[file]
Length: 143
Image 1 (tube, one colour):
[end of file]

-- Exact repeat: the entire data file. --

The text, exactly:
Length: 143
Image 1 (tube, one colour):